Disclosure: Ranieri reports no relevant financial disclosures. See the full study for additional authors’ disclosures.

Diuretics, such as loop agents and thiazides, do not have a significant effect on managing gout, according to findings published in Arthritis Research and Therapy.

“There is a need to determine the impact of diuretics on gout management in clinical practice, especially after the incorporation of new [urate-lowering drugs (ULD)] and treat-to-target strategies,” Laura Ranieri, MD, of the Hospital General Universitario de Alicante, and colleagues wrote. “This knowledge could inform management plans for patients with gout who are taking diuretics, helping to achieve suitable [serum urate] reductions that ensure the cure of the disease.”

To determine the impact diuretics have on the response to ULD in patients with gout, the researchers conducted a retrospective analysis of an inception cohort from the Hospital General Universitario de Alicante Rheumatology Department. Patients included in the cohort were those who arrived at the unit for the first time with crystal-proven gout without having received any previous specialized care.

Diuretics do not have a significant effect on managing gout, according to researchers.
Source: Shutterstock

Among the 245 patients analyzed for the study, 208 received treatment with allopurinol, of which 66 were on diuretics; 35 received febuxostat (Uloric, Takeda), with 19 on diuretics; and 2 received benzbromarone. Ranieri and colleagues analyzed the patients’ ULD maximal dose as the primary outcome variable, as well as serum urate reduction, according to the type of treatment they received and their use of diuretics. Serum urate reduction targets were 6 mg/dL, 5 mg/dL, and 4 mg/dL.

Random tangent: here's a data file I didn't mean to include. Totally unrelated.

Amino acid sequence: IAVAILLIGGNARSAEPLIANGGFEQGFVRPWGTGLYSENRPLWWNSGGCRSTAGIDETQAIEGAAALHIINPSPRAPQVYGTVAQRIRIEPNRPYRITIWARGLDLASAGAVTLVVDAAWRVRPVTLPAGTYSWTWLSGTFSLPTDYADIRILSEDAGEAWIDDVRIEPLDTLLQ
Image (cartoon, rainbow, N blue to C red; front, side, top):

According to the researchers, significantly fewer patients who received both allopurinol and diuretics achieved serum urate levels of less than 5 mg/dL. They did not find other significant differences in serum urate targets associated with diuretics. Linear regression analysis indicated an inverse relationship between diuretics and maximum ULD dose (beta = 0.125; P = .073), but this was not maintained in multivariable analysis (beta = 0.47; P = .833). Further, the researchers found no association with febuxostat (beta = 0.116; P = 0.514).